Lear, Opera by Aribert Reimann
William Shakespeare has been an inspiration to a range of composers. Giuseppe Verdi was famously infatuated with the Bard’s plays and regarded them as the highest points of the dramatic arts. While the Maestro never fulfilled his dream to make King Lear into an opera, Berlin-born heavyweight Aribert Reimann took to the task. The modern-sounding, evocative opera Lear now comes to Teatro del Maggio Musicale Fiorentino in Florence.
Lear presents a turning point in Reimann’s career. It is among his most significant literary operas that have made him an internationally acclaimed modern classical composer. Reimann first got the idea to adapt Shakespeare’s famous tragedy in 1968, when German baritone Dieter Fischer-Dieskau approached him. In 1975, Reimann received a commission from the Bavarian State Opera and immediately started working on Lear, with the title role written specifically for Fischer-Dieskau.
To transport the multi-layered Shakespearean tragedy to the operatic stage, Reimann enlisted the help of librettist Claus H. Henneberg, who walked the narrow line between translating and condensing the Bard’s famously ornate language and maintaining the dramatic charge of the piece. Lear was premiered on 9 July 1978 at Munich’s National Theatre, to great critical and public acclaim.
In terms of plot, Lear remains true to Shakespeare’s original tragedy and follows the ageing British King Lear who attempts to divide his kingdom equally among his three daughters, but his short temper and waning authority gradually lead him to lose his throne, his family and his mind. In Reimann’s Lear, the drama of epic proportions meets its musical match.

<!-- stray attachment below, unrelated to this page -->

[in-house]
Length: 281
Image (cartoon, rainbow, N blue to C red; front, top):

To capture the inner conflicts and the gradual degradation of all good and holy into unbelievable suffering and misery, the German composer employs the chromatic idiom, often emphasised by resounding percussion. The result is a haunting, atmospheric score that will keep you on the edge of your seat and will pull you right into the anger and madness that pulsate inside King Lear’s head.
Reimann shows himself a master of dramatic orchestration in a distinct coloristic style, swiftly alternating between raucous wall-of-sound explosions and dialled down, slow-burn melodic lines that take their time to grow, tugging at the heartstrings all the while. His visceral score, a musical embodiment of primal human emotions, is sure to impress you.